Forum, Oct. 11: West Wheelock Signal Is Too Much

Wednesday, October 10, 2018
West Wheelock Signal Is Too Much

Is there a dangerous intersection on West Wheelock Street, as Bill Young told the Hanover Planning Board in its review of the Thayer parking garage? If there was one, then it would have been signalized long since, either at the behest of the town or the state.

The reverse seems to be true, that the garage will create a problem requiring a signal in an area where traffic now flows freely. Further, if drivers will be encouraged to use a re-opened Tuck Drive, then isn’t there less traffic on West Wheelock to begin with?

That being the case, a dedicated left-turn lane to the garage seems adequate. If morning commuters from the Norwich side of the Ledyard Bridge find it hard to use, then they will revert to Tuck Drive.

There are also unintended consequences. A light at West Street encourages South and West streets to become a bypass to avoid the Inn corner on the way to the bridge. Is that what my old neighborhood wants?

All in all, while the Thayer expansion is to be celebrated, the signalizing of West Wheelock is asking too much of the traveling public.

Dick Mackay


Failing the Interview

Imagine you are applying for a job. It’s an important job at a well-respected and nationally known company. It is a job that requires a high degree of judgment, diplomacy, clarity and integrity. It’s a job you have trained for, prepared for, and it’s a job you want very, very badly.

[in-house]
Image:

You have been interviewed at various levels in the company, and now you are sitting for your final conversation with a panel made up of the most senior people in the company. This is your big chance.

So how will you handle yourself in this setting? Will you become angry at the way the interview is going and shout at the panel? Will you interrupt the interrogators, talk over them, answer sarcastically, or refuse to answer their questions at all? Will you be evasive and will you frame your answers in a way that attempts to mislead and to deflect the panel from the truth? Will you cry? Will you make statements that malign half of the customer base of the company?

Not if you want to continue to be taken seriously as a candidate for this position.

And if you did conduct yourself this way, no matter how promising your resume had seemed, surely the interview panel would thank you for your time and show you the door. In the post-mortem, members of the interview panel would undoubtedly make liberal use of the word “temperament.”

I happen to be a shareholder in the company that hired Brett Kavanaugh for an important job last week. I was concerned that we have the right person for this job, and I expected that the interview conducted by my “proxies” (the Senate Judiciary Committee) would make clear that the top candidate had the temperament I expected him to have. Nothing in Kavanagh’s conduct at this final interview was in the least reassuring. Specific accusations aside, legal philosophy aside, political preference aside, in the context of any job interview anywhere, this candidate failed.

Susan White


Pictures Perfect

Concerning the two photographs on Page One of the Sept. 28 Valley News I say: The two witnesses before the Senate Judiciary Committee made their own beds. The Valley News allowed them to lie in them — on the front page. Thank you.

Gaal Crowl

North Pomfret

Incredibly, Someone Noticed

The Mercury News editorial you shared (“A Painful Reminder: High Court Hearing Reveals Our Failure,” Oct. 2) assured us that professor Christine Blasey Ford’s “agonizing testimony was not only credible but believable.”

That (presumably) at least two editors read this and didn’t flinch (and grab a red pencil or hit a delete button) leaves me, frankly, incredulous.

“Credible” and “believable” mean the exact same thing.

Maybe you do this to see who’s noticing?

Corlan Johnson